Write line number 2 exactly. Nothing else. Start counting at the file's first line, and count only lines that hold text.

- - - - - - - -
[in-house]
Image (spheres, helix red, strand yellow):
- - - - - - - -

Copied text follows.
Image (spheres, helix red, strand yellow):